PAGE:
Numbers, Numbers, Numbers
The World of Sales has always been a game of numbers. Quotas, Activity levels, Win percentages, Sales Performance, Competitive Wins are all metrics that define sales performance. Sales is one profession where you can run, but you can’t hide. The best sales people are able to set a goal and work backwards by setting activities that allow them to achieve that goal.
Having visibility into sales metrics is even more critical today as sales teams work remotely and assessing performance has become one of analyzing data, since watching up close and personal in office settings are a thing of the past, at least for the foreseeable future.
How the Sales & Marketing game has changed over the years
Even though Covid19 has changed the way sales operates, this shift has been underway for a long time. Back in the early days of selling software, sales calls and demonstrations were done in person. Products were more complicated, and demonstrations meant installing software on a customer’s system to be shown in their environment.
It wasn’t until the late 1990’s, that remote demonstrations became capable by using products such as WebEx, the pioneer in the virtual conferencing space were introduced and proved to be a boon to sales productivity, allowing sales calls to be done virtually and cutting down the need to always be physically in front of the customer to sell and present your solutions.
Then Customer Relationship Management (CRM) solutions came into play at about the same time with first generation systems such as Siebel being installed on the customer’s hardware, and 2nd generation applications such as Salesforce running off premises in the cloud. CRM platforms provided sales teams to take their old style filing methods and back of the envelope approaches to managing their territories and computerize them, giving sales management broad visibility to the sales funnel.
At the same time Email marketing solutions came into vogue led by market pioneer Constant Contact and Mail Chimp both of whom provided very cost-effective tools to allow small businesses to get in front of their prospects, supplementing traditional phone and mailing efforts. Spam, junk mail, and overflowing inboxes became the topic du jour.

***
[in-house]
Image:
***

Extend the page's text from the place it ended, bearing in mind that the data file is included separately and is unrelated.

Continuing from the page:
Marketing Automation takes selling to the next level
In the 2005-2010 timeframe, Marketing Automation Platforms such as HubSpot and Marketo were introduced and the notion of Inbound Marketing, jet propelled by Hubspot’s use of content based marketing and combining email marketing, web tools such as landing pages, and social media posting and scheduling capability. The introduction of an integrated platform led to multi-channel marketing and reporting capabilities on judging marketing performance put the former somewhat hidden function more front and center.
Digital Marketing led a shift of sales led revenue generation to more of a marketing based approach. And it became apparent which companies in high-tech were doing the best jobs of getting their names and products in front of prospects at the right time.
So what kinds of visibility are important to sales and marketing management?
For marketing, the prime driver is leads into the top of the funnel. Today, it is imperative to do multi-channel marketing to be able to reach prospects in the channels where they are most prevalent. These channels are inclusive of avenues like, Tradeshows, Twitter, Linked In, Facebook, Google search and good old-fashioned Email marketing. All are areas that you need to take advantage of to promote your brand and then to monitor the results closely.
For sales, activity levels are particularly important. Typical metrics such as leads to deals, deals to demos, demos to closes, win ratios, all are a straightforward byproduct of a properly functioning CRM or Marketing Automation Platform.
As a long-time sales executive (pre-dating these systems), I have paid particular attention to both sales & marketing metrics. I look at marketing metrics as a leading indicator. Figures such as top of the funnel leads, active deals, website traffic, tradeshow visitors; all are indicators that you can track over time and see how they lead to demonstrations and how those demonstrations lead to sales.
At Zymplify we have shown a fairly steady range of 15-20% of deals that convert to sales. So that means that there are two ways to up our win rate. We either up the number of demos, or we convert at a higher percentage. Since we almost never make a sale without doing a demo and our sales cycle is relatively short, with those two numbers I am able to forecast on a monthly basis with relatively decent accuracy.
Activity levels are even easier to track by using our own platform. All calls and emails are logged in the system and at any point during the day or week, I can see how we stand against our activity goals. Regardless of whether a salesperson is working in the office, or at home, I can see their activity level and how many qualified prospects they are adding to the pipeline.
We set goals with our Salespeople and Business Development Representative for activities, and measure them against those goals. Of course, the ultimate goal is number of sales and we can see at any point in time how are sales teams are doing against that all important number.
The value of an integrated marketing automation platform like Zymplify has never been more apparent during these challenging times for businesses everywhere. We can help, just reach out.